Monday, January 23, 2017

March on Raleigh, part II: the temple

I've heard stories about people believing that Satan is doing everything in his power to keep them from attending the temple. The first I heard this was from my neighbour across the street when I used to babysit her boys (who no longer need babysitting) quite regularly—often so that she and her husband could go to the temple. They had some sort of code word for talking about the temple, as if they could trick Satan into thinking they were going somewhere else and thus he wouldn't stir up chaos to keep them from getting to the temple. I've heard similar stories since then.

But what if there's a greater power paving the way to the temple, clearing obstacles, sending out a homing beacon, calling us home (or at least to His house).

Side story, yesterday in nursery we were talking about prayer, specifically about things we could be thankful for in our prayers. The kids were taking turns pulling items out of a bag to figure out what we could be grateful for next. When the picture of the temple was pulled out a little girl said, "That's the temple! Mommy and daddy live there!" What a sweet misconstruction of the facts. But, yes, the temple is The House of the Lord and we should feel welcome there. (I'm assuming that this little girl was talking about a wedding photograph of her parents, probably standing in front of a similar temple).


Our attendance record in recent history has been rather scant.

When we first got married—and lived with a half hour drive of, like, five different temples—we would go once a week. Once we started adding children to the mix, however, it became more difficult to go that often (especially with wee ones because my babies pointedly refused bottles). And then we moved to Egypt; there is no temple in Egypt so we didn't go at all. And then we moved back to Utah with more children than before and tried to go only once a month. And then we moved here with even more children.

The temple isn't terribly far (a 45-minute drive), but it's been hard to go frequently. I'm sure a lot of our reasons for staying home are mere rationalizations, but going to the temple ends up being a five-hour commitment. It's hard for me to ask anyone to take on our children for that long. There aren't many session to choose from. Our Utah Valley "norm" is having a session available "every 20 minutes from 7:00 a.m. to 8:00 p.m." Here we have to call to make an appointment and I find the schedule hard to wrap my head around.

On Saturdays you can go at 8:30 or 10:30 AM or 1:00 or 3:00 PM. But on the 1st and 3rd Saturdays you can go at 5:00 or 7:00 PM as well. Tuesdays through Fridays the regular sessions are at 6:00 and 7:45, but Wednesdays and Fridays have morning sessions as well. On the 2nd and 4th Fridays you can go at 6:00 AM.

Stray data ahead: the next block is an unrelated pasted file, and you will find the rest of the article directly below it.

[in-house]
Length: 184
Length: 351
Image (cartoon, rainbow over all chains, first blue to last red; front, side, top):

If the session you'd like is full then you're out of luck. You have to choose a different session at a different time or on a different day, which is a whole lot more complicated when you have a handful of children and a babysitter's schedule to consider.

I've had times where I've had a willing babysitter on hand but have been unable to secure a spot in any session—for anything. I suppose that's good because that means the temple is full. But if it's that full...add a session?

I've also had times where I've been able to make an appointment but have been unable to find a babysitter.

We also once got stuck in traffic and so they started the session without us. Luckily when I called (almost in tears) to say there was no way we were going to be able to make it, they were able to squeeze us into a sealing session.

Anyway, our ward's ward temple day was on Saturday. I don't believe our ward has done them—in an official ward-wide capacity—in the past, but I felt like we should make an honest effort to go, even though we "just went" for our anniversary. I didn't know who I could ask to babysit, though. Asking someone to babysit four children for five hours, right around bedtime is no small thing.

And then a dear friend sent an email out to us (and a few other families), offering to host a kid's movie night at their house from 4 PM until 8 PM for anyone who wanted to go to a 5:00 temple session.

With a babysitter secured, I tried to make an appointment to do sealings (since word on the street was that our ward had quite a backlog of sealings to do) but the 5:15 session was full.

"How about an endowment session then?" I asked the sister on the phone (crossing all my fingers and toes—because the offer for babysitting was for a specific window of time).

"That we can do," she said.

Thank goodness!

It made Saturday a bit of a crazy day. We woke up, went to the march, came home for about an hour (we fed the kids and tried to get some chores/work done), and then left again. After our crazy day I was looking forward to the quiet peace of the temple. I suppose it would be easy to say that if I felt I needed the peace of the temple after attending the rally then the rally was wrong or evil. But it wasn't. Not at all. No, I was looking forward to the peace of the temple as I look forward to the quiet of bedtime after a full day of mothering. The stillness gives myself time to take a deep breath, to relax, to recharge, to remember that I do actually still love my children even if they, at times, behave like a bunch of wild animals. It's a different sort of energy. Both are necessary.